The opinion of the court was delivered by: Garland E. Burrell, Jr. Senior United States District Judge
ORDER DENYING MOTION FOR RELEASE PENDING APPEAL*fn1
Defendant Cedric Roberson moves under 18 U.S.C. § 3143(b) for release pending appeal of his sentence, arguing "release is mandated because [he] satisfies each of the [three] conditions for release pending appeal." (Def.'s Mot. 3:19-20, ECF No. 367.) The gravamen of Defendant's motion is his argument that the Court erred in denying his objection to the three level sentencing enhancement under U.S.S.G. § 3B1.1(b) for his role in the offense as a manager or supervisor. Id. at 4:21-9:15. Defendant argues under § 3143(b) that his motion should be granted because his appeal on the § 3B1.1(b) issue will "'raise a substantial question of law or fact likely to result in' a reduced sentence to a term of imprisonment less than the total of the time already served plus the expected duration of the appeal process.'" Id. at 2:7-11 (citing § 3143(b)(1)). In support of this argument, Defendant contends: "the portions of the Pre-Sentence Report [("PSR")] that the Court relied upon in applying the 3 level enhancement" do not evince that he "directed the other individuals involved . . . ." Id. at 5:21-26.
The government opposes the motion, rejoining inter alia, that "[D]efendant fails to present a substantial question of law on appeal that is likely to lead to relief." (Gov'ts Opp'n 1:22, ECF No. 374.) The government argues: "[Defendant's appeal] is an utterly ordinary sentencing appeal that challenges the application of undisputed facts found in the PSR to settled Ninth Circuit law." Id. at 4:1-2. The government further argues: "While the defendant may characterize the facts differently, he does not dispute that these facts are in the record[,]" and those facts "show a level of responsibility over others in the scheme and support the Court's conclusion that he was a manager or supervisor." Id. at 4:12-15.
In general, persons convicted of federal crimes are not eligible for release pending appeal unless a court finds "(A) by clear and convincing evidence that the person is not likely to flee or pose a danger to the safety of any other person or the community if released . . . ; and (B) that the appeal is not for the purpose of delay and raises a substantial question of law or fact likely to result in- . . .(iv) a reduced sentence to a term of imprisonment less than the total of the time already served plus the expected duration of the appeal process."
United States v. Garcia, 340 F.3d 1013, 1015 (9th Cir. 2003)(quoting § 3143(b)(1)). "A 'substantial question' is one that is fairly debatable or fairly doubtful; it is one of more substance tha[n] would be necessary to a finding that it was not frivolous." United States v. Montoya, 908 F.2d 450, 451 (9th Cir. 1990)(citations and internal quotation marks omitted). "As the moving party, it is [Defendant's] burden" to raise "a 'fairly debatable' issue on appeal." Id.
Defendant's motion is denied since he has not shown that his appeal will raise "a substantial question of law or fact." Defendant does not dispute the factual statements contained in the PSR, upon which the Court relied in applying § 3B1.1(b)'s three level enhancement. Those uncontroverted facts and the inferences that can reasonably drawn therefrom evince that Defendant occupied a managerial or supervisory role in the criminal activity. See United States v. Riley, 335 F.3d 919, 929 (9th Cir. 2003)(affirming application of § 3B1.1(b) enhancement where defendant produced counterfeit money orders for his coconspirators and received a share of the profits); United States v. Hernandez, 952 F.2d 1110, 1119 (9th Cir. 1991)(indicating the recruitment and transportation of others is relevant in determining whether an enhancement under § 3B1.1(b) is appropriate); see also United States v. Egge, 223 F.3d 1128, 1132 (9th Cir. 2000)(stating this enhancement is "appropriate as long as [the defendant] managed at least one participant").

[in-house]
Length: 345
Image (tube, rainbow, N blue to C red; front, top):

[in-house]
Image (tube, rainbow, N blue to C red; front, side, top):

As stated during the sentencing hearing, Defendant recruited others to participate in the conspiracy, and assisted others by bringing checks to them personally, going with them to cash the checks, and/or providing cash payment after the checks were cashed. (PSR ¶¶ 5, 15, 17, 22, 24, 39, 44, 51, 53.) Defendant independently recruited at least three people. (PSR ¶ 17.)
The nature of Defendant's interactions with at least two people involved in the offense also evince his supervisory role. In his interactions with Aisha Stephens, Defendant responded to her questions concerning whether she needed to provide any documentation to obtain the money, and he was given access to her bank account. (PSR ¶¶ 25-26.) During one occasion when Defendant accompanied Felicia Edwards to cash a check, Defendant provided verification information to the teller during the transaction. (PSR ¶¶ 44.)
Further, the sentencing factual record supports drawing the reasonable inference that Defendant himself received proceeds from the conspiracy: Defendant stated he and his mother decided to proceed with the conspiracy despite the risk of criminal prosecution for financial reasons, including Defendant's college education and the expense of his recent criminal case (PSR ¶ 14); Defendant and his mother handled finances together (PSR ¶ 16); Defendant made cash deposits obtained from cashing the checks into a checking account he held jointly with his mother (PSR ¶ 53); and Defendant sued Alexa Orellen in small claims court over the proceeds from one check (PSR ¶6).
For the stated reasons, Defendant's motion for release pending ...